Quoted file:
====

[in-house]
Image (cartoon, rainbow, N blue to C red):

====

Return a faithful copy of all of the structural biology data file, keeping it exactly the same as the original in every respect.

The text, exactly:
[in-house]
Image (cartoon, rainbow, N blue to C red):